Sterling hits one-month high versus dollar, seen vulnerable
* Market focus on UK mid-year fiscal statement on Wednesday
* UK PMI shows manufacturing slows less than expected
* MPC data expected to hold rates on Thursday
By Philip Baillie
LONDON, Dec 3 (Reuters) - Sterling rose to a one-month high against the dollar on Monday on demand from companies and sovereign investors, but it looked vulnerable before a gloomy mid-year fiscal statement on Wednesday.
Sterling gained 0.3 percent against the dollar to $1.6069 with traders citing demand for the pound from corporates to meet dividend payments. Traders said some Asian central banks were also buying the pound at lower levels with stop-loss sell orders seen below $1.6020.
The euro gained slightly against sterling, up 0.1 percent to 81.21 pence, trading close to a five-week high of 81.325 hit on Friday when German lawmakers approved an aid deal for Greece.
The euro zone currency got a slight boost after Spain formally requested the disbursement of European funds to recapitalise its crippled banking sector.
Finance Minister George Osborne gives his "autumn statement" to parliament later this week, after saying on Sunday that Britain would take longer to deal with its debt pile and that a recovery will be sluggish.
Economists speculate the independent Office for Budget Responsibility may lower growth forecasts and could also predict a target to have public sector debt falling as a proportion of national output by 2015/16 will be missed.
That in turn would endanger Britain's triple-A credit rating, which has provided sterling much support in the past as investors bought UK gilts while fleeing the euro zone crisis.
"Unless the Office for Budget Responsibility does surprise us on those forecasts, the risks are slightly weaker around the statement," said Paul Robson, currency strategist at RBS.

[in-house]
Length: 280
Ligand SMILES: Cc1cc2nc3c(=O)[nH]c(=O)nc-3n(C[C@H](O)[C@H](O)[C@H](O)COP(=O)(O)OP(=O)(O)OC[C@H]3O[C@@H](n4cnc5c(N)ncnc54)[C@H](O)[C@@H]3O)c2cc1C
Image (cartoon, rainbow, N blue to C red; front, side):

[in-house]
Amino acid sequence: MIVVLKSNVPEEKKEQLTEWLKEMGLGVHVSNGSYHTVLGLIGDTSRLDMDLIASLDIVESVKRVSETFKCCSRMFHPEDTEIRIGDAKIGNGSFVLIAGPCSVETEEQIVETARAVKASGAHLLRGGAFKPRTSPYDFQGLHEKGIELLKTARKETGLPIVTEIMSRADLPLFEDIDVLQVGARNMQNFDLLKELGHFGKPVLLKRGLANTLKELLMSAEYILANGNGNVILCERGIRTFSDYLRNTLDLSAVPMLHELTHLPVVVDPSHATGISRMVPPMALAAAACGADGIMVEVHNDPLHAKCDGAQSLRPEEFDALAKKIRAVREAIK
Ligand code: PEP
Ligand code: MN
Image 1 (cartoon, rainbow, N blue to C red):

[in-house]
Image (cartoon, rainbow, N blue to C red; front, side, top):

Morgan Stanley, whose FX positioning tracker showed investors had turned neutral on the pound from long positions, said in a note that Osborne is likely to opt to miss the fiscal targets rather than implement more austerity and both outcomes would weigh on sterling.
"The outlook for the UK economy has worsened over recent months and, as such, the government is unlikely to meet its fiscal targets," the note said.
Investors will also look out for signs of a pickup in the U.S. economy, with manufacturing data due out later. If the data beats expections, it could give the dollar some respite, one dealer said.
Earlier, the pound barely reacted to better-than-expected UK manufacturing data. The UK manufacturing PMI data came in at 49.1, above expectations but below 50, indicating contraction.
"The nonchalant reaction of sterling reflects that the markets are not in the frame of mind to expect any policy amendments in the near term," said Simon Smith, chief economist at FxPro.
The Bank of England's Monetary Policy Committee (MPC) will vote on Thursday on whether to increase the bank's asset purchase scheme known as quantitative easing (QE), although most economists expect it to hold fire.
The Bank has held interest rates at record lows of 0.5 percent since March 2009, and is widely expected to maintain total asset purchases at 375 billion pounds at its next meeting on Dec. 6.
But expectations of further easing by the BoE are building, especially given its biggest trading partner is in the midst of a recession. That is likely to see sterling struggle to retain gains against the euro in the near term.
A slightly stronger euro was helped on Monday by unwinding of short euro positions as yields on euro zone government bonds fell and Greece said it would conduct its bond buy-back programme to trim the country's ballooning debt.
"Euro/sterling has some good upward momentum, it has been more of a euro story moving it higher on the crosses - it has some strong technichal momentum behind it," said Elsa Lignos, currency strategist at RBC Capital.
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DAVOS, Switzerland - Central banks have done their best to rescue the world economy by printing money and politicians must now act fast to enact structural reforms and pro-investment policies to boost growth, central bankers said on Saturday.
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